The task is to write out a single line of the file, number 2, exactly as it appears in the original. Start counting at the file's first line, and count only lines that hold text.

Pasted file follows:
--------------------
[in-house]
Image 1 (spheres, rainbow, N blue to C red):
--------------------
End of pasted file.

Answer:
Image 1 (spheres, rainbow, N blue to C red):